5 ways to protect your brain, and boost your career

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  • 5waystoprotectyourbrain,andboost


    By Anne Fisher, contributor August 8, 2013: 10:40 AM ET

    The latest neuroscience has identified specific behaviors that help to

    ward off dementia in later life. They might also get you a corner office.

    FORTUNE -- Not so long ago, conventional wisdom among neuroscientists

    held that the human brain was doomed to deteriorate with the passage of

    time, and there wasn't much anyone could do about it.

    Instead, a raft of recent studies, aided by brain-imaging technology, all point

    to a much different conclusion: Our grey matter can keep on regenerating

    throughout life, producing new active cells all the time. "Your brain is a

    living and constantly developing dense forest with billions of neurons and

    synapses," says Alvaro Fernandez, founder and CEO of market research firm


    The emerging science of neuroplasticity, which studies how our brains

    change and adapt, is revealing that, as with muscles, it's a case of "use it or

    lose it," he adds. "Once new neurons appear in your brain, where they stay

    and how long they survive depends on how you use them."

  • Fernandez is co-author of a book called The SharpBrains Guide to Brain

    Fitness that boils down the current explosion of new research in this area to

    specific advice on what to do now to guard against Alzheimer's and other

    forms of cognitive impairment later on.

    By a lucky coincidence, there's plenty of overlap between what's good for

    your brain and what could turbo-charge your career. Consider these five


    1. Never stop learning. The latest research shows conclusively that, the

    better educated a person is, the less likely she is to suffer from age-

    related decline. "Highly educated people are likely to have mentally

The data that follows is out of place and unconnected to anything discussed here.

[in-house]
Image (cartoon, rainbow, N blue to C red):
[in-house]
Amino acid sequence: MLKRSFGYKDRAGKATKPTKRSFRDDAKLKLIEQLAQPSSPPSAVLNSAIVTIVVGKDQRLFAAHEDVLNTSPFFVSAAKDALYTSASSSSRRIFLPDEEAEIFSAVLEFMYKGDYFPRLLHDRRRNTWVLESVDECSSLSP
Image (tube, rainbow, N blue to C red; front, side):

stimulating jobs," Fernandez notes, and that fosters the birth of new

    neurons. If you get into the habit of learning new skills throughout

    your career -- which also happens to make you more marketable and

    promotable -- your brain will thank you later.

    2. Immerse yourself in another culture. In particular, learn another

    language. As U.S. business (especially marketing) becomes ever more

    bilingual, Spanish would be smart -- but, for the ultimate brain

    workout, pick Russian, Mandarin, or Arabic, whose different

    alphabets make them that much more challenging.

    If you can, volunteer for overseas gigs, too. Not only do these make your

    resume stand out from the crowd, but "exploring and adjusting to new

    locations forces you to pay more attention to your environment" than

    staying home, Fernandez notes. Navigating an unfamiliar culture, even for a

    short time, is like calisthenics for your brain.

    3. Seek out tough "stretch" assignments. "The goal is to be exposed to

    novelty and increasing levels of challenge, so the task never becomes

    too easy or routine," Fernandez writes, adding that this means

    "expending effort and getting out of your comfort zone." Variety is as

    important as challenge, several new studies show: "Excessive

    specialization is not the best strategy for maintaining long-term brain

    health. A bond trader may thus want to try an artistic activity, to

    stimulate brain cells that he or she rarely uses otherwise."

  • 4. Manage stress. "Excessive stress, no matter whether induced by

    external events or by your own thoughts, actually kills neurons and

    prevents the formation of new ones," Fernandez notes. Obviously, you

    don't want that. The SharpBrains Guide to Brain Fitness goes into

    detail on how physical exercise, meditation, and even having a good

    laugh help to protect your brain from the ravages of too much

    pressure, while heading off job burnout too. Taking a real

    vacation once in a while is also a proven stress fighter.

    5. Have lots of friends. Not only is a vast and varied network of pals a

    huge advantage when you want to change jobs (or hire the right

    person), but it turns out that "social engagement contributes to brain

    health," Fernandez writes. New research shows that regularly

    interacting with a wide range of other people contributes to "both

    short-term performance boosts and the buildup of cognitive reserve."

    Is there an ideal number of friends? The human cerebral cortex, it seems,

    can efficiently process only a limited number of relationships, and that

    number (known to neuroscientists as Dunbar's number, after the

    researcher who found it) is 150. In an interesting aside, Fernandez notes

    that, although some people have thousands of Facebook friends, "the typical

    number is around 120, which corresponds roughly to Dunbar's number --

    that is, the number of friends and acquaintances people generally have in

    real life."


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